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Welcome speech at the Installation Ceremony in October 2016

Dear professors, prize-winners and medallists, dear colleagues and guests joining us this evening.

Please allow me to welcome you to Karolinska Institutet’s 2016 installation ceremony.

This is an opportunity for us to honour those of you who are taking on a new role at our university as professors, those of you who have made prize-winning efforts to foster the advancement of education and research, and those of you who have been awarded the Grand Silver Medal for important contributions to Karolinska Institutet.


Some people might wonder what purpose traditional academic ceremonies have for a modern university, like Karolinska Institutet.

I myself believe that a tradition, such as today’s installation ceremony, creates a link between the past and the present and reminds us of what our university was in earlier times as well as where we are now heading

Both in its design and content, this evening’s installation ceremony is similar to academic ceremonies spanning our more than 200 year of history.

The ceremony reminds us that we each represent just a single point in the continuous development of our university, building on the achievements of our predecessors and laying down the groundwork for the achievements of our successors.

Above all, we celebrate you, our new professors, and at the same time learn more about how you have advanced research and education at Karolinska Institutet or elsewhere. As professors, you have attained the highest academic position.

And we celebrate you, our prize-winners.

As recipients of academic prizes, you have distinguished yourselves in the pursuit of excellence in education and research.

We celebrate our silver medallists.

You are being honoured for the extensive and highly significant contributions you have made to the development of Karolinska Institutet.


Today, more than ever in our history, the global impact of our work is clear.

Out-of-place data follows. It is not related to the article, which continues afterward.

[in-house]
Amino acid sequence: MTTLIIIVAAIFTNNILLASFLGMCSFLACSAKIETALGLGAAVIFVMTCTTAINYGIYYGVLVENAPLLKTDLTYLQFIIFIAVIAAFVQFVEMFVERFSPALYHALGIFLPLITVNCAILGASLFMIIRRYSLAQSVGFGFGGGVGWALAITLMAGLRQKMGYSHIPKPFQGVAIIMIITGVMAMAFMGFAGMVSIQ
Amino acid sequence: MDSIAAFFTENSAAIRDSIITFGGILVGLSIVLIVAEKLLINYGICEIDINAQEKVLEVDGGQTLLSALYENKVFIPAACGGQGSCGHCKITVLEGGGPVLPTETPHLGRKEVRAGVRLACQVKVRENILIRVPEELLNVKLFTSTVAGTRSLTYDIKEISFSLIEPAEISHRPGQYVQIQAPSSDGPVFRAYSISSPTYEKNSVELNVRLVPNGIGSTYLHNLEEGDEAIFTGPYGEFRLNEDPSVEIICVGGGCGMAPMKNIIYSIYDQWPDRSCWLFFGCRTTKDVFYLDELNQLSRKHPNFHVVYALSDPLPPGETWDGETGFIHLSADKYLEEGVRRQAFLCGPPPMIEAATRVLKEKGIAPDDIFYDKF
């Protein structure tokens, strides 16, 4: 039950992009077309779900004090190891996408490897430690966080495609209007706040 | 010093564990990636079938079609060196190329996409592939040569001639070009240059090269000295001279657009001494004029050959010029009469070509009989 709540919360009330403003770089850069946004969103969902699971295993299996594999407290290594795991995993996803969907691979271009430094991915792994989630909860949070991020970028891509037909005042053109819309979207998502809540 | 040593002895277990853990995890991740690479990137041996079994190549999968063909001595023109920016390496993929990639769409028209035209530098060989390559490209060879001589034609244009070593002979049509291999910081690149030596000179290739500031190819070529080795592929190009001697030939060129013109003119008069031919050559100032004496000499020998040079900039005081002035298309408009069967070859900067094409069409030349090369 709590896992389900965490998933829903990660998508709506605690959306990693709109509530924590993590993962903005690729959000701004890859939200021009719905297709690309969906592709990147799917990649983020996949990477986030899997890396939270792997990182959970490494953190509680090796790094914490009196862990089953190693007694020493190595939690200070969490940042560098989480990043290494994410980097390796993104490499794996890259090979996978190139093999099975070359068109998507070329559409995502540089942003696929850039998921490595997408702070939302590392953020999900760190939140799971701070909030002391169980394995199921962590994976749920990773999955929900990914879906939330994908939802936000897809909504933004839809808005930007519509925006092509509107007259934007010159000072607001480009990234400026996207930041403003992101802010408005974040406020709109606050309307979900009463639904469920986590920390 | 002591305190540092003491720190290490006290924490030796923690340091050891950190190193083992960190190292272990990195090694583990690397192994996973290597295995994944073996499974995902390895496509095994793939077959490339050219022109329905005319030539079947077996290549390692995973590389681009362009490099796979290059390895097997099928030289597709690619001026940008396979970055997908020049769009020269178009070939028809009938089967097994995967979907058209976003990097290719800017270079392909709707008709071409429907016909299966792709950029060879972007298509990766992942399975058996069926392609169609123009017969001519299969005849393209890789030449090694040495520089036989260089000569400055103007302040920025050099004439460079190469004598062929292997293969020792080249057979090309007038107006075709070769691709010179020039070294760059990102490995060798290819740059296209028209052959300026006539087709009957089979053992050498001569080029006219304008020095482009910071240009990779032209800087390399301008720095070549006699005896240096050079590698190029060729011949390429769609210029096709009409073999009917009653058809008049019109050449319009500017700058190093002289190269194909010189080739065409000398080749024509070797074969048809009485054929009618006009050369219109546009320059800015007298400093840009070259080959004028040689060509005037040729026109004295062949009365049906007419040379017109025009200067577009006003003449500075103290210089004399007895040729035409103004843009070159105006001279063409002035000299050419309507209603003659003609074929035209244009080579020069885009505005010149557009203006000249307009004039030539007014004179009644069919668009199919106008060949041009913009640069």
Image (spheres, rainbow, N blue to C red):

We have grown from being an academy for army surgeons into an internationally recognized medical university. International both in terms of who we are and where we come from as well as in the way we work closely with researchers, teachers and students at other universities and research centres around the world.

Similarly, our vision – to make a significant contribution to the improvement of human health – knows no boundaries.

We hope that you, our new professors, prize-winners and medallists, will inspire and lead the next generation of young researchers and students, who, in turn, will one day participate in academic ceremonies similar to our celebration this evening.


I was recently asked what changes when one becomes a professor.

Three things came to mind:

  1. Firstly, as we have already touched upon, installation as professor is a recognition of your achievements and experience, a recognition that comes with high expectations that you will continue to push forward the frontiers of knowledge in order to improve human health– which is ultimately what we are all here to do.
  2. Secondly, it means that, within your new role, you become a representative of the highest academic title, which is coupled to the expectation that you will pass your knowledge to undergraduate and postgraduate students.
  3. Thirdly, and perhaps most importantly, as a professor, you are expected to set an example for others as an expert in your field, as a leader of a well-functioning research team and as an innovative and engaged teacher:

A professor that is a leader who modestly listens to others.

Who fosters development of his or her colleagues.

Who welcomes a lively debate about science and methods without hiding behind his or her excellence or status.

As role models, we must strive every day to create an academic environment that invites ideas and opinions, and willingly accepts criticism. We must never compromise in relation to basic ethical and moral values and never, ever compromise on what is right and wrong.


To all of you we celebrate tonight in Aula Medica – our new professors, prize-winners and medallists: let us view this evening as an acknowledgement of both knowledge and responsibility.

And as a reminder of all the work being done at Karolinska Institutet in the name of medical science.

And, above all, as an occasion to remind ourselves what we need to do in order continue to make significant contributions to the improvement of human health.

Once again – a warm welcome to you all!

Karin Dahlman-Wright